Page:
Amaze your friends with your knowledge of hydrogen, fuel cells
Brush up on your hydrogen and fuel cell knowledge with these eight facts about our favorite chemical element.
We’d argue that every day should be National Hydrogen and Fuel Cell Day, but for reasons that make way too much sense, the observance is celebrated annually on October 8 in recognition of the atomic weight of hydrogen (1.008).
To help you impress your friends and celebrate hydrogen’s potential year-round, here are eight facts about our favorite chemical element sure to make you look good and sound smart.
- Hydrogen is the most abundant element in the universe and the third most abundant on earth. In fact, 75% of everything in the visible universe is hydrogen. However, hydrogen does not usually exist on its own in nature. Instead it is produced from compounds containing it, primarily in the form of water.
- Hydrogen is the hot, new, low-carbon fuel, but it’s been around for millions of years. Henry Cavendish discovered hydrogen in 1766 and the first electrolyzer separating hydrogen from water subsequently appeared in 1800 when a static charge was introduced into water. More than 200 years later, Cummins is continuing to enhance its products based on these fundamental discoveries.
- Fuel cells need hydrogen as a fuel to produce energy. Whilst, pure hydrogen is very common, other fuels compounded with hydrogen, or hydrocarbons, are also used for producing energy. Some examples of other fuels used are natural gas, methanol, ammonia or diesel.
- Hydrogen is a key energy vector that powers our technology using fuel cells. Fuel cells generate electricity through a chemical reaction of hydrogen and oxygen. As hydrogen gas passes through a fuel cell stack, it combines with atmospheric oxygen to generate electricity and the only by-product is water vapor.
- While hydrogen, when consumed, does not produce any emissions or critical air components, it is only as clean as the energy source used to produce it. When using surplus renewable energy sources, like solar, wind or hydro-electric, through the process of electrolysis, carbon-free hydrogen is generated, commonly referred to as green hydrogen.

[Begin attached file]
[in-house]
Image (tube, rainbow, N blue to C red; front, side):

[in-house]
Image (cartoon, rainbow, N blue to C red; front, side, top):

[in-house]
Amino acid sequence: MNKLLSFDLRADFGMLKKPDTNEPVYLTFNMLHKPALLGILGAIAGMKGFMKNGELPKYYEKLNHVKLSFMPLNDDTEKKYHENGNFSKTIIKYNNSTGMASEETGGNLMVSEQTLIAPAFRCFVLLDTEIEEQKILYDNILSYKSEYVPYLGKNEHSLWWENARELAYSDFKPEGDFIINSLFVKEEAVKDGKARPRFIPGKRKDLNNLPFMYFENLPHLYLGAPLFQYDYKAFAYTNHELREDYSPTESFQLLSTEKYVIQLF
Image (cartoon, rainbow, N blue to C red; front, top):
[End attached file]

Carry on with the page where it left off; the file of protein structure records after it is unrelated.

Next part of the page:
- Fuel cells and hydrogen have been used to store power going back to the Apollo space missions. The NASA Glenn Research Center, NASA’s fuel cell research and development center, has been using fuel cells for the past four decades, including for the space shuttle missions.
- Hydrogen refueling stations are growing worldwide to support fuel cell vehicles. In 2010, there were just 22 hydrogen refueling stations around the world. In 2019, that number has grown to 470 hydrogen refueling stations in operation. Japan leads the way with 113 stations, followed by Germany with 81 and the U.S. with 64 stations.
- Hydrogen fuel cells are used in many applications. Cummins has been demonstrating hydrogen and fuel cell capabilities in many applications including powering passenger trains in Europe and providing fuel cells for refuse trucks, as well as, forklifts, pick-up and delivery trucks, heavy duty trucks, airplanes, and buses.
And if after reading this article, you’re still unimpressed with the element, remember that 62% of the atoms in your human body are hydrogen. Now you are ready to celebrate the day responsibly. Take care and have fun.